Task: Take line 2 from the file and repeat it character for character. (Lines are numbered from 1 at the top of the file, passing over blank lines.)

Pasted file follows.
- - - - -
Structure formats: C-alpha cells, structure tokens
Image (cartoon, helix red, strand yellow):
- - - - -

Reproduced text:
Image (cartoon, helix red, strand yellow):